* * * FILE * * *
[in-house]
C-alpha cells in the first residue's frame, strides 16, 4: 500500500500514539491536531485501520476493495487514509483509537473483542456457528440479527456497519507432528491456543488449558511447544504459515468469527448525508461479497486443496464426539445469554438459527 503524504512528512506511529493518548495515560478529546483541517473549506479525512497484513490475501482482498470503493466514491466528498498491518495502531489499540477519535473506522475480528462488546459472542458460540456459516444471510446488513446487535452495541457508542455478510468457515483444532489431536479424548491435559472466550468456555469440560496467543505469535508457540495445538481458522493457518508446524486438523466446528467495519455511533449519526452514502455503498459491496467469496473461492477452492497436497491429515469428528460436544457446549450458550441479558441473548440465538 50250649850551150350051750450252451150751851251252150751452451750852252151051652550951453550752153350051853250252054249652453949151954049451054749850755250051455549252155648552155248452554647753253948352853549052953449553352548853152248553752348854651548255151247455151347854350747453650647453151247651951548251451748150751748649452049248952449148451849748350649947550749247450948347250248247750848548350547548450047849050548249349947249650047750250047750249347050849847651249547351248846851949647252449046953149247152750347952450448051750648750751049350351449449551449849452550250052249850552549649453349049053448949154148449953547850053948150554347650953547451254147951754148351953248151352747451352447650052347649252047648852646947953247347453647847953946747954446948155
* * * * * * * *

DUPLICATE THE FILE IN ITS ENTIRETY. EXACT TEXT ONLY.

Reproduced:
[in-house]
C-alpha cells in the first residue's frame, strides 16, 4: 500500500500514539491536531485501520476493495487514509483509537473483542456457528440479527456497519507432528491456543488449558511447544504459515468469527448525508461479497486443496464426539445469554438459527 503524504512528512506511529493518548495515560478529546483541517473549506479525512497484513490475501482482498470503493466514491466528498498491518495502531489499540477519535473506522475480528462488546459472542458460540456459516444471510446488513446487535452495541457508542455478510468457515483444532489431536479424548491435559472466550468456555469440560496467543505469535508457540495445538481458522493457518508446524486438523466446528467495519455511533449519526452514502455503498459491496467469496473461492477452492497436497491429515469428528460436544457446549450458550441479558441473548440465538 50250649850551150350051750450252451150751851251252150751452451750852252151051652550951453550752153350051853250252054249652453949151954049451054749850755250051455549252155648552155248452554647753253948352853549052953449553352548853152248553752348854651548255151247455151347854350747453650647453151247651951548251451748150751748649452049248952449148451849748350649947550749247450948347250248247750848548350547548450047849050548249349947249650047750250047750249347050849847651249547351248846851949647252449046953149247152750347952450448051750648750751049350351449449551449849452550250052249850552549649453349049053448949154148449953547850053948150554347650953547451254147951754148351953248151352747451352447650052347649252047648852646947953247347453647847953946747954446948155